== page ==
The Message and the Tubes
"The medium is the message" - Marshall McLuhan, Understanding Media, 1964
When McLuhan said that, it revolutionized the way media was looked at, and it still inspires thinking about the media today. But what does it mean for the new media? I think looking at feedback and gatekeeping -- and how they are different for old and new media -- is a good start at getting at the message in the tubes.
Feedback in the New Media
For old media -- tv or newspapers, for example -- feedback options are limited. Yes, you can write to the network or organize a boycott, but there is very little opportunity for direct feedback. And bits of direct feedback that get through, such as letters to the editor, do not share the same prominence as the content which inspired them.
New media has feedback in abundance, of course, and not only is it direct, it is also diffuse. Feedback is out in the open. Comments in response to a video on YouTube or to embedded video in blog post are just right there, with the original content. Feedback becomes new content itself. A viewer who is so inspired can make a video in response. A video in response. Video as a medium is not as mediated any longer. The gate has been crashed.
The New Gatekeepers
I am helping someone I know in RL with the commercial he is making for the MoveOn contest -- a :30 piece in support of the candidate MoveOn members voted to endorse. Here is an example of the new media at work: not corporations, not PR and advertising firms, massaging the message, putting out that one-way signal with indirect feedback.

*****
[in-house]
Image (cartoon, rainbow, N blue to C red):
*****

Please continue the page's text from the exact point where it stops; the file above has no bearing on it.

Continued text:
No, it's people. Who this country is made of, and for. Making videos -- little thirty second videos in this case -- one of which could end up on the air. And the content of those videos is mediated, not through a corporate gatekeeper, but through a volunteer organiziation: netroots, the people.
And in the case of YouTube and blogs, the old gatekeepers don't have any more say: your message gets out when the people get it out.
The Medium is the Message
These changes in the media change the way we interact with the medium -- and with the content, and with the world. When direct feedback is a part of the landscape, we see ourselves differently, and we participate in the media differently. When we are the gatekeepers, we are the media. If the global village arises out of McLuhan's new media -- that is, the tv and the radio -- then the empowerment of the global villagers arises out of the convergence of those old new-media with the new new media -- that is, video and voice and of course text -- on the internet.
And what is the message: "We are here!" or, "Yes, we can!", or "Vote Obama", or "Vote Clinton"? Nah. That's the content. The message is the revolution.